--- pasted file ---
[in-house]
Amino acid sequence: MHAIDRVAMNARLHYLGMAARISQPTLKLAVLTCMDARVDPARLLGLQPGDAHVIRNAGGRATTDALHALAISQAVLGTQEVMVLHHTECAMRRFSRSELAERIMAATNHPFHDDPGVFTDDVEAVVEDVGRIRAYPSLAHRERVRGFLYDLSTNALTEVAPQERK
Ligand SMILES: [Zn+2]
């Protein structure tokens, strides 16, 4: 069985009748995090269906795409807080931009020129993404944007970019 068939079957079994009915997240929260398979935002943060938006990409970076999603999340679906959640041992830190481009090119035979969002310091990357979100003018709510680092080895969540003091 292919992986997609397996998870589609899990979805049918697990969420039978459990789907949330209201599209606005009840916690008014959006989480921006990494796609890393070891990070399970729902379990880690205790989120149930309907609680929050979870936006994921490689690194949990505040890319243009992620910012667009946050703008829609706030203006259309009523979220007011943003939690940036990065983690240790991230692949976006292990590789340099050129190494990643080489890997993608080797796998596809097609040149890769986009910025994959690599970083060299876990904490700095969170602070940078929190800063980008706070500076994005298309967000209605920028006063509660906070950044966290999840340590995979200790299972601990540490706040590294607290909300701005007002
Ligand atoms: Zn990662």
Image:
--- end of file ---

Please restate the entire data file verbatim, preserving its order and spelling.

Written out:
[in-house]
Amino acid sequence: MHAIDRVAMNARLHYLGMAARISQPTLKLAVLTCMDARVDPARLLGLQPGDAHVIRNAGGRATTDALHALAISQAVLGTQEVMVLHHTECAMRRFSRSELAERIMAATNHPFHDDPGVFTDDVEAVVEDVGRIRAYPSLAHRERVRGFLYDLSTNALTEVAPQERK
Ligand SMILES: [Zn+2]
């Protein structure tokens, strides 16, 4: 069985009748995090269906795409807080931009020129993404944007970019 068939079957079994009915997240929260398979935002943060938006990409970076999603999340679906959640041992830190481009090119035979969002310091990357979100003018709510680092080895969540003091 292919992986997609397996998870589609899990979805049918697990969420039978459990789907949330209201599209606005009840916690008014959006989480921006990494796609890393070891990070399970729902379990880690205790989120149930309907609680929050979870936006994921490689690194949990505040890319243009992620910012667009946050703008829609706030203006259309009523979220007011943003939690940036990065983690240790991230692949976006292990590789340099050129190494990643080489890997993608080797796998596809097609040149890769986009910025994959690599970083060299876990904490700095969170602070940078929190800063980008706070500076994005298309967000209605920028006063509660906070950044966290999840340590995979200790299972601990540490706040590294607290909300701005007002
Ligand atoms: Zn990662």
Image: